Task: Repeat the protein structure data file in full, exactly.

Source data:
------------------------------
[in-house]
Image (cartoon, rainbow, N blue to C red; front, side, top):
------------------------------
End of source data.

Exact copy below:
[in-house]
Image (cartoon, rainbow, N blue to C red; front, side, top):